“This dual-fuel approach will appeal to many of our customers [for] its ease of installation, maintenance, and use,” claims Volvo Penta president Heléne Mellquist, who also emphasized the potential of accelerating the “transition to more sustainable operations.” Another important aspect of this approach is reliability and flexibility, which help operators maintain productivity. That’s a top priority in the transportation business to hedge against technical or logistical problems—with hydrogen or other technologies like fuel cells—by using a proven and familiar backup fuel.
Dual-fuel-propulsion systems are not new. For many years, conversion kits have enabled cars to switch between fuels, like gasoline and natural gas, not for environmental concerns but to bypass high prices at the pump or supply shortages. In the marine sector, Raider Outboards in Titusville, Florida, builds submersible multifuel outboards that run on diesel, gasoline, or jet fuel for military and search-and-rescue missions (see “Military Grade,” PBB No. 179). What is new is the packaging as a bridge technology toward a greener future for a sector that relies heavily on hydrocarbons.
“Heavy-duty equipment, which is widely present in port areas, is ideally suited for dual-fuel technology,” said Volvo Penta’s business development director, Jakob Ursby. “Since heavy-duty applications are expensive, they are built for…a long lifetime. Having now an option for a no-regret technology is becoming a key aspect for ordering new equipment. Even when the hydrogen refueling is missing, they can still operate on diesel. As soon as the hydrogen infrastructure is there, one can start using this clean fuel.” Ursby said that the early focus will be on projects with Volvo Penta’s commercial marine engines on near-shore applications such as tugs and pilot boats and eventually on crew transfer vessels serving offshore wind farms. European ports, he said, have numerous projects on the drawing board related to hydrogen production, ranging from 20-MW electrolyzers to gigawatt-scale projects.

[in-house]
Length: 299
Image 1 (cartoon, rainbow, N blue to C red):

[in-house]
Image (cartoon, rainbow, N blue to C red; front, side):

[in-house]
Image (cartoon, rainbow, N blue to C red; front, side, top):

Near the port of Antwerp-Bruges, CMB.TECH built a marine hydrogen refueling station with an onsite electrolyzer for “green” hydrogen production, said Campe. Plans call for a mobile refueler to supply hydrogen to the ships and projects in the port, which Campe calls “a good solution in anticipation of the refueling stations, which will be developed as soon as the offtake of the hydrogen [i.e., the amount of hydrogen typically bought at the refueling station] is established.” The company also announced the arrival at Ostend of the first dual-fuel-engine tugboat, the HydroTug 1. It was built in Spain but will be finished by CMB.TECH to go into service at the port of Antwerp-Bruges in 2023.
Campe said that several dual-fuel engines are already operating in commercial applications as part of the pilot projects and that “controlled introduction of the technology” is under way in some niche markets. “Furthermore, we have initiated follow-up programs, and we’d like to gather further experience with after-sales [support] before we start selling worldwide.”
CMB.TECH, De Gerlachekaai 20, BE 2000 Antwerp, Belgium, tel. +32 3 247 59 11.
Volvo Penta AB, Gropegårdsgatan 11, 417 15 Göteborg, Sweden, tel. +46 31 660000.